- Receiving financial support from your Small Generation Units (SGU). You maybe entitled to Small-scale Technology Certificates (STCs) often referred to as RECs if your SGU is eligible. Although not technically a rebate, they do offer a discount on the purchase of solar PV or related systems. These certificates can be traded through a market a bit like shares. The value of STCs fluctuates according to supply and demand. Businesses such as non-renewable electricity generators are required to purchase a set amount of STCs each year. Learn more at the Australian Government's Office of Renewable Energy Regulator website. Most reputable installers will do all of this for you and provide a point of sale discount in exchange for the STCs. When comparing quotes, compare the prices after the inclusion of this discount. See the Rebates and assistance page for more details.
- Establishing an electricity trading agreement with your electricity retailer. Once you have priced the purchase and installation of your PV system, and know what the likely electricity generation will be, it's time to select and sign up with an energy retailer who will buy your electricity. Note that not all retailers provide this service, so check carefully! Things to check on and compare when agreeing to sell your clean electricity to an electricity retailer are:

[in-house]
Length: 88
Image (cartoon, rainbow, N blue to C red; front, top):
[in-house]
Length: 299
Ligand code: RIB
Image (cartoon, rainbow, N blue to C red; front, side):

- The cost of the electricity you purchase from them (in cents per kWh).
- The price they will pay you for your electricity (in cents per kWh).
- Whether your metering registers the total production from your solar panels or just the excess (beyond what is consumed in your home).
- Penalty clauses (termination costs).
- Billing/payment periods.
Check with your installer which electricity retailer offers the best deals, understand the mandatory feed-in tariffs that might apply in your state and get advice on dealing with electricity retailers.
Feed-in tariffs are payments/credits from power companies to households and businesses for the renewable electricity they generate (e.g. solar photovoltaic system or wind turbine). For more details on each state's feed-in tariff scheme visit the following websites:
- Victoria - Feed-in Tariffs
- Queensland - Queensland Solar Bonus Scheme
- South Australia - Renewable South Australia
- Western Australia - Residential net feed-in tariff scheme (WA)
- Northern Territory - Power and Water Corporation Feed-in Tariff Scheme
Why is this action important?
To create a sustainable future, we must harness renewable, local and abundant energy sources - such as sunlight. This action can ensure the electricity you are consuming at home comes from a clean, non-polluting source with a cost-effective investment in sound technology and a generation of long-term returns (financial, environmental and intergenerational).